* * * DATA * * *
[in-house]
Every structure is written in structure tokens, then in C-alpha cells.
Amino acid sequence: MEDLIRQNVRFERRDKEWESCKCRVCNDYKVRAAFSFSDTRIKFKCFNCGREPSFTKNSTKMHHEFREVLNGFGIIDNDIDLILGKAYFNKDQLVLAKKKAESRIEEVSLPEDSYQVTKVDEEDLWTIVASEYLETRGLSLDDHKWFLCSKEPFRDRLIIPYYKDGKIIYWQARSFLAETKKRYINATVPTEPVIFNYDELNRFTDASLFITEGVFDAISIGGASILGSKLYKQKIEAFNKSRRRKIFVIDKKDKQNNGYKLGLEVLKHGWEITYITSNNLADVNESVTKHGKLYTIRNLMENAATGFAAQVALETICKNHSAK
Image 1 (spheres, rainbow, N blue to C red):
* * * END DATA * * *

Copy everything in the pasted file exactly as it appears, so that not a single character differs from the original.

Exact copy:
[in-house]
Every structure is written in structure tokens, then in C-alpha cells.
Amino acid sequence: MEDLIRQNVRFERRDKEWESCKCRVCNDYKVRAAFSFSDTRIKFKCFNCGREPSFTKNSTKMHHEFREVLNGFGIIDNDIDLILGKAYFNKDQLVLAKKKAESRIEEVSLPEDSYQVTKVDEEDLWTIVASEYLETRGLSLDDHKWFLCSKEPFRDRLIIPYYKDGKIIYWQARSFLAETKKRYINATVPTEPVIFNYDELNRFTDASLFITEGVFDAISIGGASILGSKLYKQKIEAFNKSRRRKIFVIDKKDKQNNGYKLGLEVLKHGWEITYITSNNLADVNESVTKHGKLYTIRNLMENAATGFAAQVALETICKNHSAK
Image 1 (spheres, rainbow, N blue to C red):